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No sales yet looking for some feedback and critique

Hi everyone
I've been on DT for a little while now and have 33 illustrations accepted but no sales yet.
I was thinking of getting into the photography side of it to add to my portfolio but am a total novice (much like my illustrations) but I'm one that will plug away until I learn what I'm doing.

I was wondering what camera do you think would be a good quality one to purchase to start with for stock photography?

And also would love some honest critiques on my illustrations and if they have any chance of getting some sales.
Any replies would be appreciated ....Thanks
Posted: 02/21/2014, 17:50:49 PM
Hi Ltldragn, your illustrations are good and i love them.

The time of 1st sale will come.

For the camera, I think a normal DSLR camera will do the job and good to start with. A better len is usually more important from my experience. A better len means a len with larger aperture and less distortion, etc. I am not an expert in this but there are lots of expert here can give you advices.

Hope you will get sales very soon. Cheers.
Canon EOS 5D Mark III 50mm f/1.2, 24-70 f/4, 70-200 f/4. 400 f/5.6.
Posted: 02/21/2014, 21:28:14 PM
Thanks for the feedback,
I'm going to have to ask around and pick the brains of some pros on what kind of lenses are good then also.

I had a feeling a good lens was important but have no idea where to start or what size would be good . I guess names and sizes of lenses would be helpful then also.

Thanks again.....ltldragn
Posted: 02/22/2014, 09:43:13 AM
I agree with hkrunning, just with an exception about the large aperture. If you will shoot in studio environment or you will take isolated object photos; you won't need a large aperture. All of my lenses are f2.8, but I always use them set on f8 of f11, for the sake of image quality and depth of field. BUT, if you will take outdoor photos, a large aperture will be useful for a smooth bokeh.
Nikkor 35mm f2.8 - Nikkor 50mm f1.4 - Nikkor 50mm f1.8 - Tam...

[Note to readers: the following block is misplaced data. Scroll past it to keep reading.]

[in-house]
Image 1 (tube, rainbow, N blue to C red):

Posted: 03/04/2014, 01:18:15 AM
Thanks , I ended up buying a cannon rebel t3. The pics are ok with the kit lens 18 to 55 I just got a telephoto lens for it also up to 250 mm so I think that should be enough for a beginner like myself to learn with. Thanks for the advice.
Posted: 03/04/2014, 07:08:03 AM
I also like yor illustrations, but try to add more details (complexity)... The first sale will come with time. Don't stop axpanding your portfolio. Good luck!
Posted: 03/17/2014, 09:27:37 AM
Thanks great info,

for now I'm doing a lot of outdoor shots but cant seem to get the focus as sharp as I'd like still. I have a 55-250mm lens for zooming in at longer ranges and a 18 to 55 mm lens that came with my rebel t3. Any suggestions on lens aperture and shutter speeds on cloudy days.
Also what should I focus on in post processing? not exactly sure what technically correct is ? I'm a total newbie at this.
Posted: 03/17/2014, 10:18:11 AM
hi, Ltldragn, as a rule of thumb, if you are using 55mm focal length, your shutter speed should be equal to or less than 1/55 seconds. For 250mm focal length, your shutter speed should be less than 1/250 seconds in order to have a sharp image without shaking.

or you can use a tripod as far as possible.

Canon EOS 5D Mark III 50mm f/1.2, 24-70 f/4, 70-200 f/4. 400 f/5.6.
Posted: 03/17/2014, 10:27:54 AM
Thanks very much , I have a lot to learn and that helps me put some perspective on things a little better. Thanks again...ltldragn
Posted: 03/17/2014, 22:13:04 PM
Hello. I'm a regular purchaser of stock photos, and I occasionally purchase illustrations. From a buyer's perspective, I think your illustrations are nice.

I think that the key to increasing sales is to develop illustrations/take photos on topics that are in demand from consumers. When people search a stock library, they have particular topics in mind for their project (e.g., website, brochure, e-learning, etc.). If your illustrations/photos don't pop up in their searches, then the consumers will never see them.

You should look into the topics that are popular with consumers, but are not over-saturated with existing stock on dreamstime. If you find a niche that has a demand, you're more likely to get sales.

Hope this helps :)
Posted: 04/30/2014, 15:27:21 PM
Thank you for the advice , I'm going to do more research on what's in demand and try to adjust my work to the market better.. thanks for all the great input, it was very helpful.
Posted: 05/01/2014, 07:22:30 AM